This is a quick overview of the state of Koh Chang, the second largest island in Thailand.  Since the Tsunami devestated parts of Thailand's West Coast (id est Phuket) in 2004, there has been an ever increasing number of western tourists heading for this island. 

 Approaching Ko Chang

Ko Chang at present is pretty close to most people's idea of a tropical paradise: a lush, mountainous interior is surrounded by turquoise-blue water, with lots of coconut palms and white sand in between.  You only need a beautiful virgin being sacrificed to a volcano and the beating of jungle drums in the night and it would be just like a Hollywood movie set!  The island has a relaxed, unpoiled atmosphere and so far lacks the seediness and high-rise developments which characterise Pattaya and Patong.  However, the tourist industry here is in full swing and if development continues at it's current pace, the days before Ko Chang becomes just like Phuket or Ko Samui are numbered. 

Apearances can be deceptive, though. The largest most crowded and noisiest town, Whitesands is built along a narrow strip of land between the mountains and sea, the development there has got so dense that they are now digging back into the hillside behind the place. That landslips have taken place is clearly visible; it can only be hoped that this form of expansion is carried out with the necessary safety precautions to avoid a landslip onto a hotel or other tourist amenity.,

Below what looks like a landslip is visible on the left side of the carpark opposite the ferry port 

 Landslip - ferry  

Klong Prao beach August 2005

Ask the hotel directly if there is building work going on.........

Whitesands - Koh chang

Whitesands - Oct 2007 

Health and safety are concerns to be aware of- some of the pool designs look positively lethal. If you're coming from Europe or the States you'll find that the cost of living and rooms is cheap but not compared to elsewhere in Thailand. You'll love the sunsets and the white sand, you won't wonder where all the sewage is going and what happened to the mangroves or the fishing industry that gets smaller catches every year, or the fishing villages being turned into souvenir arcades-and-hotels.

The centre of Ko Chang is a national park, but unlike all of Thailand's other National Parks, apart from the odd waterfall, no-one is allowed inside. You can get a guide who will take you in but strictly speaking that's against the law. Unfortunately, there isn't a good system of trails in the park as you might find in some other National Parks in Thailand

Nam Tok Khlong PluNam Tok Nang Yom

There is only one road around KC and it doesn't go all the way round, it's a horse-shoe affair. A 10km section at the southern end of the island is yet to be completed.  Work on this stretch stopped a coiple of years ago and no-one knows when it will re-commence, if ever. The main road is narrow from kai Bae south to Bangbao but elsewhere is perfectly adequate - although it can get busy during Thai holidays.  Public transport is limited to pick-up truck taxis that ply the west coast from the ferry piers down to Bangbao.  For convenience, you might like to consider hiring a motorbike or car.  The traffic is not as chaotic as in bigger cities, but KC is mountainous and the roads are very windy and hilly, so take care, especially if you aren't an experienced driver/motorbike rider.  Many people die or are injured on the roads here every year, if you do rent a bike take extra care at night when most accidents occur.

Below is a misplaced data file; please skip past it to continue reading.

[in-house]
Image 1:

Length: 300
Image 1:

There is no airport on KC itself, if you go by plane you'll land at Trat airport which is on the mainland and a 20 minute drive to 'Koh Chang Ferry'  pier. Get a taxi to the ferry - only a few baht. Or take the airport minibus to any resort on Koh Chang - a more comfortable and covenient way to get to your hotel with the minium of hassle. Ferries run every 30-45 minutes from 6.30am  - around 7.30pm. The crossing time is 30 minutes.  ( Centrepoint also provide ferry servies but less reliable,with hourly sailings and higher charges for foot passengers. ) There are several ferries across, the crossing takes 45 to 90 min, depending on which ferry you take.

Where to stay? - Klong Prao Beach is probably as good as it gets, there are about 4 resorts there actually with beach frontage, The Paradise is all nicely built new bungalows, Coconut and Royal Coconut are next to that and Klong Prao resort has a long beach front and good pool beside the sea.    The southern end of the beach is home to a cluster of lusry resorts Panviaman, Amari, Dewa, Tropicana &  Barali. Hat Sai Khao (White Sand Beach) is the most developed, so if you want to be near the largest concentration of shops and restaurants, stay here.  Kai Bae is smaller and less developed, but still features plenty of places to stay and eat.  Hat Tha Nam(Lonely Beach) has a buzzing bar/nightlife scene and is a haven for backpackers.  The main attraction of Bang Bao is a seemingly endless, ramshackle, pier with stacks of seafood restaurants, shops and dive operators.  Probablynotaplaceto stay along time but good for aday trip - the seafood restaurants are all pretty good. The East Coast is much quieter, but looks back across to the mainland and lacks the dramatic sunsets over the sea of the West Coast.  However if you head way down to the south east you'll be rewarded with some of the best views on the island across Salakkok Bay & Salakphet Bay.  If you find Ko Chang doesn't offer the seclusion you were hoping for, neigbouring smaller islands such as Ko Mak and Ko Kood are still less developed.

 Don’t be kidded that so long as the hotel claims to be by the sea that it has a beach! (v. Ramayana!!) Remember that during high season (Nov to April) prices rise dramatically and you may find many of the beachfront resorts fully booked.  

Another excellent source of information on all things "Koh Chang" can be found on THIS LINK.